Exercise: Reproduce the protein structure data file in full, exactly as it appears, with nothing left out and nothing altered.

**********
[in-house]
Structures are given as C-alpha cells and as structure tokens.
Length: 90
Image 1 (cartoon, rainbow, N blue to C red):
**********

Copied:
[in-house]
Structures are given as C-alpha cells and as structure tokens.
Length: 90
Image 1 (cartoon, rainbow, N blue to C red):